Marsilius Kolleg (Exzellenzinitiative)
Prof. Alexander Zipf
(GISience Heidelberg)

Prof. Till Bärninghausen
Heidelberg Institute of Global Health (HIGH)

Research Project

Climate Change and Health: Improving health care for vulnerable populations in Africa through spatially high-resolution monitoring of the natural and anthropogenic environment

Climate change is currently the greatest challenge facing humanity. The associated changes in the environment also have a major impact on people’s wellbeing and health. This also has implications for the design of the health system, and in particular for measures to address these effects in the most affected and vulnerable population groups. The health effects of climate change caused in the rich countries of the world are particularly severe in sub-Saharan Africa. Comprehensive and spatially particularly high-resolution data on the natural, built and social environment and the change in the same in these regions are necessary in order to draw scientifically reliable conclusions and to develop and implement countermeasures. Unfortunately, the data situation in these areas is often very poor and there is a need for new concepts to generate high-quality, spatially high-resolution but at the same time potentially very large areas of Africa covering data as a basis for analyzes and modeling in the field of global health. In this Marsilius project, we want to use the example of modeling and measurement of heat and heat stress and related factors to evaluate and validate various collection and simulation methods for the relevant geodata.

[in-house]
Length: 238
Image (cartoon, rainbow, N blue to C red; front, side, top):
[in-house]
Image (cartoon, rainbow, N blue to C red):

In particular, we want to investigate how data from different sources can be combined for this purpose: remote sensing, crowdsourcing and user-generated data, as well as systematic measurements and surveys. In addition to these data sources, we want to conduct small validation studies in three locations in sub-Saharan Africa to measure the extent to which large and large-scale data in small communities allow relevant statements - or whether these data sources need to be hyperlocally adapted.
This collaboration strengthens the existing collaboration between GIScience Research Group at Heidelberg University and the Heidelberg Institute for Global Health and the work at HeiGIT related to health and climate change, e.g. analysing healthcare access around the globe and especially in Africa.

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